A coworker of mine has recently started forwarding all sorts of newsletters, community event details, and promotions to the company-wide email distribution list. None of the stuff she forwards have anything to do with the company or business in general, they are just things she thinks are interesting. These are distracting and they clutter my inbox.

I've talked with several other coworkers, and nobody finds these types of emails useful or informative, so we're trying to figure out a way to get her to quit doing it.

I would just block all of her emails, but things like payroll information, vacation scheduling, and other important workplace related emails also come from her.

Am I being overly sensitive to this? Should I just keep quietly trashing those emails, or is there a polite way to resolve this for everyone?

4 Answers 4


Since you are a peer, not a manager, you can't very well address this for the sake of everyone. However, you can approach her and tell her that the extra emails are overwhelming you, and ask if she could please not send them to you.

For her to comply will make a lot of extra work for her, because she'll have to either quit using the company distribution list, or carefully remove your name after the fact. She might find it easier to just quit. Or, she might find it easier to ignore your request.

If others are also objecting, you can recommend that they also talk to her and ask to be removed.

A reasonable person will see that several people prefer to not get the emails, and will either figure out a way to not send it to those few who speak up (not easy) or will quit sending them (easy). An unreasonable person will ignore the requests.

If she is unreasonable, then the next step is to go to your manager. Point out that the extra emails makes it hard to find the legitimate ones, and ask how he would like you to handle it. If he doesn't want to handle it, then you're stuck with combing through the emails for the ones you need.

  • +1 for taking it up directly with the person and explaining the effect her behavior has on your work.
    – O. Jones
    Commented Jun 11, 2014 at 20:27
  • 6
    For less effort from her part, you can ask her to use a specific title for this kind of email and then filter it out.
    – dyesdyes
    Commented Jun 16, 2014 at 11:11
  • @dyesdyes yes, that's a good idea. Commented Jun 16, 2014 at 15:16
  • What's a problem with having two mailing lists, one for strictly business only and one for non-business messages? That way everyone can choose what they follow. Commented Oct 20, 2017 at 8:16

While the other answers deal with the interpersonal aspect of this particular instance, I think it's pertinent to mention that there are technical solutions you can implement so that similar situations do not occur in future.

It's possible to set restrictions on who can send to a distribution list. This is usually handled by your IT administrator.

While each email service handles this slightly differently, the basic premise is to maintain a whitelist of 'trusted' employees who are allowed to email the 'All Staff' distribution list. For example, you may only want your department heads (Head of HR, Head of Finance etc) & Board members to be able to use this list, so you add their names to the list of allowed users.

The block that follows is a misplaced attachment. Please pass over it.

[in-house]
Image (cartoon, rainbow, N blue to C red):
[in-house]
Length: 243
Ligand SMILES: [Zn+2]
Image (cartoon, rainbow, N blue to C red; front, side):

This doesn't just stop at the 'All Staff' list either - any distribution list can be restricted in the same manner and allow for different 'whitelists' of approved mailers.

There are helpful guides on the internet for configuring this for your specific email service (e.g. Office 365, Exchange), but your IT administrator/team should investigate which solution makes the most sense for your setup.

  • Hi @Acccumulation, thanks for your feedback :) 1. Is why I ended the answer with saying the IT admin should handle this (I've now edited it to make it clearer following your feedback) 2. Depends on the size of the organisation. It's not often that business cases require every employee to be able to reach everyone - smaller distribution lists based on team, project etc could be unrestricted. 3. Yes, but this is not a reason to not implement the restrictions - it also acts as a buffer to 'Reply All' spam, and is usually enough to warn people about emailing inane things to the entire company.
    – Robotnik
    Commented Oct 20, 2017 at 4:29

If this is a small organization speak to the person directly and inform her that company email should be reserved for company business only.

In a larger organization you may be able to go up the chain too, if she initially does not respond.


How about setting up a separate distribution list that people can then add themselves to if they're interested in that sort of thing?

Selling it to her shouldn't be too hard, as it's very little work for her. (Just using a different address)

I'm not sure how much trouble setting up & maintaining a distribution list is, but I'm guessing management doesn't especially like the misuse of their list too much, so they should be on your side.

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